Selection of individuals to serve on the City Manager’s Advisory Committee will be based on their ability to represent the diversity of the Cambridge community. The final group of committed participants selected will be broadly representative of many backgrounds including: small/local business community, large business community, non-profit community, neighborhood associations, higher education, arts community, primary/secondary education, public health and human services, housing advocacy, faith community, new immigrant/under represented communities, youth community, senior community, LGBTQ+ community, and mobility community (bike/transit/pedestrian).

Applicants should be Cambridge residents or individuals with a strong connection with the City.

For more information, contact Lee Gianetti, Director of Communication and Community Relations, at 617-349-3317 or lgianetti@cambridgema.gov. Letters of interest, including resume and/or applicable experience, can be sent via email or mail by the deadline of Friday, February 17, 2017 to:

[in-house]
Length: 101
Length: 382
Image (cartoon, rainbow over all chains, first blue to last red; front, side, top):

City Manager Louis A. DePasquale
City of Cambridge
795 Massachusetts Avenue
Cambridge, MA 02139
E-mail: citymanager@cambridgema.gov


City Manager Appoints Brent B. Larrabee as Acting Commissioner of the Cambridge Police Department

Jan 9, 2017
To the Honorable, the City Council:

Effective Jan 9, 2017, I am appointing Brent B. Larrabee as Acting Commissioner of the Cambridge Police Department. Mr. Larrabee is taking over for Acting Commissioner Christopher Burke who is retiring on Jan 6, 2017 after 32 years of service on the Cambridge Police Department and 8 months as Acting Commissioner. Incoming Acting Commissioner Larrabee is expected to serve for the next 6-8 months until a permanent Commissioner is appointed, a position that he is not pursuing.

Brent Larrabee holds a Master of Public Administration from Framingham State College, has assisted in the selection of numerous Massachusetts Chiefs of Police, and has served as:

Former Commissioner Haas has known and worked with Brent Larrabee for many years. He highly respects him and strongly recommended Brent for appointment as Acting Commissioner for the Cambridge Police Department.

Very truly yours, Louis A. DePasquale, City Manager

New Year at City Hall - Jan 9, 2017 Cambridge City Council Agenda Highlights